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sunday dinner: zuni cafe roast chicken.

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I don’t think there’s anything in the world that screams Sunday dinner more than roast chicken.

It’s homey and hearty and salty and crispy and juicy and delicious. All in the same bite.

And if roast chicken is everything that is holy and good about Sunday dinner, then I worship at the altar of Judy Rodger’s Zuni Cafe Roast Chicken recipe. It’s just four ingredients — chicken, fresh herbs, sea salt, and black pepper — but OOOOOH BOY, is it good. And it’s also surprisingly easy to perfect if you’ve got the right tools. And by tools, I mean your hands and a cast iron frying pan.

You ready? OK, let’s do this.

Sunday Dinner Roast Chicken, adapted from Zuni Cafe

You will need:

One small chicken, 2¾ to 3½ pounds
Four sprigs fresh thyme, rosemary or sage
Sea salt
¼ teaspoon fresh ground black pepper

One thing to note before you get started: the size of the bird is key to the success of the recipe, meaning the smaller the better. So if you’re serving a crowd, i.e. more than 2 to 4 people, it’s better to cook multiple small birds vs. one larger bird. I’m just trying to set you up for success. Phew, OK, moving on.

One other thing to note: the Zuni Cafe would prefer that you season your chicken 1 to 3 days prior to cooking it. If you have the time to do this and the space to hang out with a chicken for a few days, by all means, season away. I, however, have a full-time job and live in a New York City apartment, so I have neither. I’ve found that seasoning the chicken a few hours before cooking has the same effect, so you don’t need to go too crazy to still achieve a delicious result.

When you’re ready to season your chicken, the first thing you need to do is get over your fear of handling raw chicken. You can do it, I promise. Wash your hands. Have a chat with your chicken. Introduce yourself, talk about your hopes and dreams. Then grab that sucker and get down to business.

First, you want to remove and discard the lump of fat inside the chicken. Believe me, I never thought the phrase ‘lump of fat’ would be part of this trusty little blog, but there it is.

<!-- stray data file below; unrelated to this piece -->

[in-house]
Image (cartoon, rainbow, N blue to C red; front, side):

Then, rinse the chicken with cold water and pat very dry with a paper towel (a wet chicken is not a happy chicken…or a crispy one).

Finally, get to know your chicken, shall we say, intimately. It’s OK, this is where the magic happens. Heh heh. Carefully slide a finger under the skin of each of the breasts, making two little pockets, then use a fingertip to gently loosen a pocket of skin on the outside of the thickest section of each thigh. Shove an herb sprig up into each of the 4 pockets. It’ll feel weird and you might not be able to look your chicken in the eye, but it will all work out in the end. He’ll forgive you.

Finally finally, season the chicken liberally all over with salt and pepper. Sprinkle a little of the salt just inside the cavity and on the backbone. Cover loosely and refrigerate. Read the new issue of InStyle. Get a mani. Catch up on Real Housewives.

When you’re ready to cook your chicken, preheat the oven to 475 degrees. (It’s getting hot in herre)

Then, take out your cast iron frying pan (if you don’t have one of these, you can also use a shallow flameproof roasting pan or a skillet with an all-metal handle). Pop the pan on the stove over medium heat to warm it up a bit. Take your chicken out and pat it dry again lightly before placing it in the pan breast side up. It’ll sizzle, don’t freak out.

Stick the pan into your preheated oven and watch for the chicken to start browning. It should take about 20 minutes for it to start looking golden and blistery. If it’s not browning, turn your oven up to 500 degrees. If it looks like it’s burning or the fat is smoking, turn your oven down to 450. It’s a crapshoot, you guys. That’s life.

After about 30 minutes, pull the pan out of the oven and turn the chicken over. If you’ve done everything right up to this point, it shouldn’t stick to the pan. If it sticks, don’t cry, you didn’t ruin anything. Put it back in the oven and roast for another 10 to 20 minutes (the bigger the chicken, the longer the cooking time), then take it out again, flip it back over, and stick it back in the oven to re-crisp the breast skin for another 5 to 10 minutes.

Total oven time will be about 45 minutes to 1 hour.

When the chicken is fully cooked, take it out of the oven, remove it from the pan, and set it on a plate to rest. The little guy is tired, he needs a nap (this ensures your chicken stays moist and juicy).

After about 10 to 15 minutes of resting, it’s time to carve your chicken. I am no expert on how to do this, but this guy is. Once it’s all carved up, put the pieces on a warm serving platter, bring it to the table with great fanfare, and dive on in. So good, so good, SO GOOD.

I usually serve my chicken with a veg and a starch, and my recent go-tos have been garlicky spinach and smashed potatoes. Yums all around.

Sunday dinner at its finest. Enjoy!

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